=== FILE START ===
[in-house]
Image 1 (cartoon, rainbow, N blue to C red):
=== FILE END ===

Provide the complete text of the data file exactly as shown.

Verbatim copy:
[in-house]
Image 1 (cartoon, rainbow, N blue to C red):